Strange Copepod behaviour

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Wim van Egmond
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Strange Copepod behaviour

Post by Wim van Egmond »

I've been making some movies recently but I have to find some space to load them.

So I post some images from the archive. I have many that I think I have not posted yet. I hope I 'm not wrong.

These copepods live in brakish tide pools high on the rocky shores of Britanny. France. The first 2 images are of a male copepod, the last 2 are of a female. The image inbetween shows the rather curious behaviour called precopulatory mate guarding (pardon my french). The males grab very young females, often much smaller than this one.

Wim

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Starshade
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Post by Starshade »

Wim, the image quality is just perfect. How did you make the cyclops sit still for stacking. I just did an image of a cyclop yesterday and it was a huge challenge to get all depth at those rare moments when it wasn't moving.

And was it a proper darkfiled? I see lots of background masking (don't worry it's noticeable only for those who does it)

abpho
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Post by abpho »

Amazing work.

Wim van Egmond
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Post by Wim van Egmond »

Thank you Daniel,

Yes, it was proper darkfield but I shot them as jpegs and I made the background black instead of almost black. And there were some halos of the stacking. I removed these by darkening them. It could be done more precisely but I am sometimes a bit lazy. :)

The copepods can be motionless for some time. With a bit (or actually a lot) of patience it is possible to make a small series.

Wim

Mitch640
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Post by Mitch640 »

These are perfect. I wonder if it would be possible to make a stack from frame grabs of a video sequence when you focus down through the bug. You could pick the frames to export along the timeline.

specious_reasons
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Post by specious_reasons »

Mitch640 wrote:These are perfect. I wonder if it would be possible to make a stack from frame grabs of a video sequence when you focus down through the bug. You could pick the frames to export along the timeline.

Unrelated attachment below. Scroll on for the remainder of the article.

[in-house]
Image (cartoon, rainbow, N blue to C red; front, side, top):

CombineZp has the option to sample frames from a video. I've rarely used it because my video camera resolution is awful.

NikonUser
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Post by NikonUser »

Your images, as always, are superb.

But why the heading "Strange ..... behaviour"
These guys have been around forever and the males have a modified antenna for holding onto females; guess they have been doing it for a long long time.
So it seems only normal to me for a male to be attached to a female; normal not strange. If you found one attached to another male or perhaps a cladoceran then that would be strange :shock:
NU.
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No man can be truly called an entomologist,
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Wim van Egmond
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Post by Wim van Egmond »

Aha, yes, but what is a bit peculiar from a human perspective is the fact the the female is immature. And you often find very early stages 'kidnapped' by a mature male. The mature male guards the female until she is mature. He is very patient. But I think during the molding of the female he can lose her to another male.

Wim

NikonUser
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Post by NikonUser »

Could it be that males mature faster than females such that there are often more mature males than mature females? If so, some males may be 'forced' to claim immature females.
Certainly in many insects there seems to be competition for females by males early in the emergence period as there are always more males than females.
In Heliconid butterflies males will sit on a female pupa waiting for her to emerge; that's got to be close to rape.
NU.
student of entomology
Quote – Holmes on ‘Entomology’